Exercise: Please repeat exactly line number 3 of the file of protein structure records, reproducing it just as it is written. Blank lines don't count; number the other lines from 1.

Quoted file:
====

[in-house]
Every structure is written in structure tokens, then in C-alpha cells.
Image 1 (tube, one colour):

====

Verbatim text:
Image 1 (tube, one colour):